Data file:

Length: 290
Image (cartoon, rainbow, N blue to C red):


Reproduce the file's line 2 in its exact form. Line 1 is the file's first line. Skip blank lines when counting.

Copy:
Image (cartoon, rainbow, N blue to C red):